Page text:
House Majority Leader Eric Cantor (R-Va.) conceded Tuesday night that “obviously, we came up short” in fending off the Tea Party challenge from economics professor Dave Brat.
With 98 percent of precincts reporting, Brat had 55.6 percent to Cantor’s 44.4 percent.
“I know there’s a lot of long faces here tonight and it’s disappointing, sure,” Cantor said. “But I believe in this country, I believe there’s opportunity around the next corner for all of us.”
“So I look forward to continue to fight with all of you for the things that we believe in for the conservative cause because those solutions of ours are the answers to the problems that so many people are facing today.”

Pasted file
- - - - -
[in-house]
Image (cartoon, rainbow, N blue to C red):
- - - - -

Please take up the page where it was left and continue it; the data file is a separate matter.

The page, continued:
While Cantor’s loss unfolded and the majority leader gave his concession speech, Rep. Louie Gohmert (R-Va.) delivered a marathon speech against immigration reform on the House floor.
The remainder of the Hill was largely quiet, with no comments from other House leaders.
The possibility remained, though, that Cantor could attempt the same move that let Sen. Lisa Murkowski (R-Alaska) to keep her seat.
In 2010, conservative Tea Party favorite Joe Miller, backed by Sarah Palin, knocked Murkowski out in the primary. After failing to find any other route to ballot access, Murkowski launched a write-in campaign and defeated Miller — becoming the first senator in more than five decades to win her seat via write-ins.